The #BelieveInGaston trending moment last week was a rare occurrence; self made optimism and unfettered enthusiasm in sports fandom. The joy is evident in the fact I used the word unfettered. If any of the passion from last season had waned, you wouldn’t know it based on the insatiable appetite for rumors and signings, and that now famous hashtag. It was in a void of breaking news where young and old, obnoxious and mellow, pessimist and optimist came together. I spoke with Joseph Même , architect of #BelieveInGaston about that memorable day and night.

Early Sunday morning (1/19) word started spreading to The Post’s beat writer Même and others; Gaston was interested in FC Cincinnati, but it was much more complicated than that. The deal wasn’t dead, and FCC GM Gerard Nijkamp had put Gaston and his representatives on a 24 hour clock; after which the team would need to move on. The club was hoping for positivity, not backlash, to help inch Gaston closer to a decision. Unfortunately, the lack of updates and assumed blame on Gaston’s agent Paco Casal had cast a dark cloud over the entire saga.

“I had noticed some pretty negative stuff floating around about how people were tired of waiting on Gaston. Some even said things about him "acting like a diva" or that they didn't want his ego. Some even claimed that they don't want him here if he doesn't WANT to be here.” remembers our own Joseph Même.

He continued, “I knew that, once given the notion that a positive attitude may be beneficial to their club, fans would jump at my call for positivity. I could never have anticipated the magnitude of the response we got.”

With the call put out, people online immediately started selling Gaston on why Cincinnati was the right choice for him. Some were tongue in cheek, some adorably sincere, and all with the same goal: get Gaston. Eventually the tweets began to add up, with the hashtag now trending in Cincinnati.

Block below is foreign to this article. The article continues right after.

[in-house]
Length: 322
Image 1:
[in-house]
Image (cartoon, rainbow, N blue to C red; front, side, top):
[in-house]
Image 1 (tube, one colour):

"I've been in and out of Social Media work in my career... I've been to the mountaintop of the Reddit front page..." Même tells The Post.

"Most of my successes come from reading the situation and the audience in just the right way, at just the right time. This one though... it was different."

"#BelieveInGastón began around Noon on a Sunday. It had been two days since my car accident and I was posted up in bed, hazy-minded from a mix of a concussion and a bit of Vicodin. It was nothing short of an out-of-body experience for me..."

Tweets begat tweets, and the numbers grew into the thousands. There was a profound lack of cynicism that became contagious. National pundits like MLS Extra Time host Andrew Wiebe couldn’t help but jump into the fold.

"The surge of tweets in response to this call for faith was immense. I sat in awe as the number of tweets continued to rise by the hundreds." added Joseph Même.

The rare dissenting voice came from a stray fan in Columbus (“how embarrassing that you have to beg”) and even some PSV fans in the Netherlands (“haha they think they’re getting Messi, or something”). What those and others not connected to FC Cincinnati failed to realize, was that it wasn’t about one player. Gaston was the avatar for the collective will of the fans to push this team towards respectability. Push the team towards attractive soccer.

"I was proud of their followers: Family, friends, acquaintances. The surge of positivity that I as but a spark was able to ignite within our large yet often-hostile and dejected fan-base was the best I've felt about our team and the community around it in over a year."

"... the real value in the whole experience turned out to be that we weren't really believing in Gastón. We discovered that we believe in ourselves. We believe that as a community, we can make an impact and we can join together for something bigger than one or a few of us. #BelieveInGastón has shown me, a lowly meme-maker/beat reporter, that there really is an opportunity every day for FC Cincinnati's fans to be great to and with one another."

The 24 hour deadline came and went. #BelieveInGaston had climbed as high as #2 trending in Cincinnati. From an outsiders POV, the fans were left in the same spot they'd always been in. For those that lived it however, nothing would ever be the same.